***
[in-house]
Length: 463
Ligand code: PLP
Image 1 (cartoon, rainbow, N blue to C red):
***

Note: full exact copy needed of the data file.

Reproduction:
[in-house]
Length: 463
Ligand code: PLP
Image 1 (cartoon, rainbow, N blue to C red):